Think of someone who might be surprised to hear from you.  It could be a grandparent or a distant relative or a friend you haven’t spoken to in a while.  Then write a note, ask to be their friend on Facebook, or text them and let them know you are thinking about them.  Better yet, let them know that you have prayed for them.  If that unexpected grace feels good for you, imagine how it will make them feel.

Closing Prayer

Abba, our heavenly Father, you are indeed worthy of our praise and worship.  We thank you for Jesus who was so loving that he prayed for us before his suffering and death.  By your Holy Spirit help us to glorify you in word and deed as we walk the way of the cross following Jesus.  Help us to love one another, along with the stranger, that all the world might know your love.  To you be the glory and the honor forever and ever.  Amen.

October 13-19, 2010–Into the Wind

Contributed by Bill King, Blacksburg, VA

Warm-up Question

What challenges have you faced which required a great deal of determination to meet? 

Into the Wind

As part of its “30 in 30” series, which focuses on 30 notable sports stories from the years 1979 through 2009, ESPN recently premiered a new film about perseverance and hope, “Into the Wind.”  This documentary is about Terry Fox, who, in 1980, set out to run across Canada.  A lofty goal you might think, but not necessarily worthy of a feature story on the world’s top sports network.  What sets Terry Fox’s trek apart from stories about buff ironman tri-athletes is that three years earlier he lost his right leg to bone cancer and made his attempt using a prosthetic leg—and ultimately lemon-sized tumors in his lungs.  His run, “The Marathon of Hope,” was an effort to raise awareness and funds for cancer research.

He ran for 143 days, covering two-thirds of the distance across Canada, before the spread of his cancer forced him to stop running shortly before his death.  Most days he  ran a marathon, twelve miles in the morning and fourteen in the afternoon.  His run became a national phenomenon and was front page news for months.  Since 1981 the Terry Fox Run has been held annually and has raised over $500 million dollars for cancer research.

Discussion Questions

  • Why do you think Terry Fox’s story is so compelling?
  • What would motivate someone to take on such a punishing physical challenge?
  • What do you think kept him going in the early stages when nobody knew him or cared about his efforts?
  • What is the difference between pursuing noble goals and simply being foolish?


Scripture Texts (NRSV) for Sunday, October 17, 2010 (Twenty-first Sunday after Pentecost)


Genesis 32:22-31

2 Timothy 3:14-4:5

Luke 18:1-8

(Text links are to Oremus Bible Browser. Oremus Bible Browser is not affiliated with or supported by the Evangelical Lutheran Church in America. You can find the calendar of readings for Year C at Lectionary Readings.)

For lectionary humor and insight, check the weekly comic Agnus Day.

Gospel Reflection

A political ad playing in my area shows a woman posing pointed policy questions to a candidate.  As she becomes increasingly agitated, the camera pans out to reveal she is talking to brick wall.  The implication is clear; Candidate X has no interest whatsoever in what troubles her. 

The woman in the ad does not get any satisfaction from her candidate, but the widow in Jesus’ parable does finally break through the judge’s crooked contempt.  Though she feels like she is talking to a brick wall, she keeps flinging her words against the mortar until cracks appear in his stony apathy.  She does not win the day by superior logic and appeal to a sense of justice.  No, this is closer to the bratty child getting a candy bar at the checkout station by refusing to take “no” for an answer.  Just to shut her up the judge gives her what she wants.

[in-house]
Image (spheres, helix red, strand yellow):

So what are we to make of this parable?  On one level it is fairly clear. Luke even gives us the point as a preface:  “And he told them a parable, to the effect that they ought always to pray and not lose heart (RSV).”  “Hang in there.  Don’t be discouraged.  Keeping praying and trusting God, even when the odds are long.”  That’s not always easy to do, but at least we understand the teaching.  But then we linger with this parable for a minute more and we begin to feel a little uncomfortable.  Is prayer then like laying siege to the heavenly castle; we get a response only by battering down divine resistance?  Does piety ultimately come down to being a pain in the divine neck? 

The disquiet arises because we are tempted to turn a parable into an allegory:  we mistakenly identify ourselves with the widow and God with the unjust judge.  But that kind of one-to-one correspondence is not what Jesus intends.  Rather this is a parable of contrast, emphasizing the difference between God and the judge.  The sense of the parable is more like, “If even a dirt bag of a crooked judge can be moved by persistence to act honorably, how much more will your loving Father, who longs to give you good things, answer when you call.  So do not despair; God’s care surrounds you, even when it feels like you are talking to a brick wall.  Lay your needs and concerns before the loving Father who longs to bless you.”

Whether we are Terry Fox, running in the cold to defy a faceless enemy, or just trying to master a new math concept, it can feel like we are confronting a brick wall.  In those moments, when we are on the edge of despair, we do well to remember that we are loved beyond measure.  The God who called us into being will not abandon us. 

Discussion Questions

  • What do you think is a “good prayer”?  Is anything off limits in prayer?
  • God knows our needs better than we do; so what is the point of prayer?